Bumpers aren’t the only problem with U.S. Khamsins, as federally mandated and Italian-designed emission equipment strangled the venerable and reliable Maserati DOHC V8. European models made a respectable 320 hp and a stump-pulling 354 lb-ft of torque, good for that six-second 0-60 time and 168 mph top speed. But period testing of Federalized Khamsins show 0-60 taking more than seven seconds and top speed only 140 mph.

Be patient and find a legally imported European model with the manual transmission, though if you must buy a U.S. version make sure it’s been subject to proper engine tuning to recover the lost power, hopefully including the Euro exhaust headers.

The Khamsin is attractive, as Gandini’s design has many attention-grabbing features. A distinctive asymmetric louvered hood grille was revised for later cars, with the vents lengthened across the rest of the hood to help address cooling issues. An almost horizontal hatchback gives great luggage access, and the aforementioned rear glass panel makes backing up easier than in any other exotic. While advertised as a 2+2, the bolt-upright rear seats are only for small children, medium-sized dogs, or very short trips.

These Maseratis are not without their Citroën influence, which included an infamous hydraulically power-assisted, speed-sensitive steering. While it makes for a light feel, it also possesses an amazing alacrity to self-center. The brakes are also hydraulically assisted, powered by a 2,500-psi, engine-driven pump, making them sensitive to pressure rather than pedal travel.

Before buying any Khamsin, make sure that the high-pressure accumulator spheres have been recharged within the last 10 years, and that the system has always used the recommended LHM, a low-viscosity mineral oil that’s entirely incompatible with regular brake fluid. Though inexpensive to maintain, a complete rebuild of the hydraulic systems can run into the thousands of dollars.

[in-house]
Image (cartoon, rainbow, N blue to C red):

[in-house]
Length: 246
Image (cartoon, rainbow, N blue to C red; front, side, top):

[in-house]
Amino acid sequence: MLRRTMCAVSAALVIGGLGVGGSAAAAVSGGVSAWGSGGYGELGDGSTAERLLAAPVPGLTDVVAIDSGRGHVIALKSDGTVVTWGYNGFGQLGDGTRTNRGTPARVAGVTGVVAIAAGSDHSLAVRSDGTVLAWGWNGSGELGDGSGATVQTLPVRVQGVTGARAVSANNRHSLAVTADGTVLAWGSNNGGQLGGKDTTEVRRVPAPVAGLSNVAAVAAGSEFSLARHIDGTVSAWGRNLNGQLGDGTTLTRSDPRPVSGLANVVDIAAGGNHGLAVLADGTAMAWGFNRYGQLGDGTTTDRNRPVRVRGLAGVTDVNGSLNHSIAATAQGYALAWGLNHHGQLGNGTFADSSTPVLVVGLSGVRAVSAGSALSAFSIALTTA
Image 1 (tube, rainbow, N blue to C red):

An inspection of a Khamsin should also include a compression and cylinder leak-down test, as Maserati V8s subjected to storage are known for developing stuck (and subsequently broken) piston rings. As with any exotic, a mechanic within 100 miles who knows, understands, loves, and will work on the car is invaluable. Otherwise, a Khamsin can easily become just a beautiful and nearly worthless piece of static garage art.

The market for ’60s and ’70s-vintage Maseratis is far from strong, meaning that sometimes no-reserve cars can fall through the cracks, selling for well under market value. But even paying full price for it, the buyer of this car should consider himself somewhat charmed to have found a nice example of one of just 71 Khamsins built for driving on the wrong side of the road.

Like many cars that trade on the fringes of the collector market, Khamsins don’t appear at auction frequently. With less than 300 said to remain out of production of only around 430 cars, it is a legitimately rare bird, though its taste is still too gamey for most collectors, who tend to prefer Ghiblis, Boras and Mistrals.-John Apen